It’s a zany pre-teen adventure, filled with pesky little sisters, creepy neighbors, childlike one-liners, and a swirling vortex of evil. The two-disc 20th anniversary edition of the film is available at AADL on DVD and Blu-ray.

Author Jennifer Allison Comes to Ann Arbor!

It's always very exciting when authors come to town. I love hearing about where they got the idea for their characters and how they keep coming up with new adventures for those characters.

Jennifer Allison, author of the Gilda Joyce, Psychic Investigator series, will be at the Downtown Library on Thursday, October 13, 2011 from 7 - 8 p.m. Books will be on sale at the event. Grade 4 - Adult.

The Princess Curse: Author will discuss fairy tale/myth


A debut tween novel, The Princess Curse will be discussed by the author Oct. 4 from 4-5:30pm in the Gallery of U-M Harlan Hatcher Graduate Library. The author is the library's own Merrie Haskell Fuller. In her fairy tale/myth, twelve princesses suffer from a curse -- and whoever breaks it will win a reward. Reveka sees the money could bring her a master herbalist position, so she goes for it. On her quest she meets a shadowy stranger, finds a blighted land in need of healing, and must decide whether to break the curse at the peril of her soul. On Oct. 4, the author will discuss the book and the process of getting published.

Teen Stuff: See What I see, by Gloria Whelan

In this new book by Gloria Whelan, eighteen year old Kate, daughter of famous artist Dalton Quinn, whom she hasn’t seen or heard from in ten years, lives in northern Michigan with her mother. She wishes to attend art school in Detroit, which requires local residency. Since her father is back from New York and now residing in Detroit, living as a recluse and painting like a madman, she decides to drop in unannounced with the idea that she would live with him while attending art school. Things don’t quite go as planned. Her cantankerous father is less than open to the idea of her living with him, taking up space, and interrupting his work flow. When he falls ill, they strike a deal. Kate learns a lot that year. About herself, her father, and the art world.

See What I See is written from Kate’s young artist point of view, and she paints pictures as she narrates. Everything around her holds such texture, such color, such detail, and demands a painting. Author Gloria Whelan's time in Michigan is apparent. Kate's comparisons of Northern Michigan and Detroit are quite lovely to read, as we try to see what she sees.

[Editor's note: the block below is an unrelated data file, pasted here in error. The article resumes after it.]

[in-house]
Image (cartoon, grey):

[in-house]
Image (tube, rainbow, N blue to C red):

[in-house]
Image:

Summer Screen Printing Workshop

During this hands-on workshop you'll view a presentation on how screen printing works, and will then get a chance to screen print onto paper or cloth. You’ll have a choice between printing an original Summer Game design onto a tote we supply (or a cloth item that you bring in), OR you can print a different Summer Game design onto paper to create a print. That’s right, we’ll have two of Jannie Ho’s AADL Summer Game designs and two screen printing stations set up, ready for you to DIY.

To keep up with screen printing, check out these books as a resource.

This DIY event is for Grades 6- Adult, and takes place at Pittsfield on Wednesday, June 29, 7-8:30pm. See you there!

SRGelephantJannieHoSRGelephantJannieHo

Teen Stuff: Okay For Now, by Gary Schmidt

Perhaps you read The Wednesday Wars and fell in love with it, as I did. If so, you are in luck, and even if not, you’re in luck. Author Gary Schmidt presents his latest young adult novel, Okay For Now, which is a companion piece to his Newbery Honor book, The Wednesday Wars. The books are written so you can read them independently, but there are some overlapping characters.

Set in 1968, Okay For Now focuses on 8th grader Doug Sweitek, one of the class bullies gone good in The Wednesday Wars. Doug comes from a troubled home, and he and his two older brothers have reputations for being rotten eggs. His father has a heavy fist he has to duck from, but his mother is sweet and supportive, and has a smile that melts Doug’s heart.

After moving to a new town he hates, Doug spends his summer at the local library, where he makes a friend and falls in love with the Audubon book plates housed there. It is a summer of birds, drawing, new friends, family, fights, baseball, Vietnam, Coca-Cola, and Jane Eyre. This book is a truly delightful read.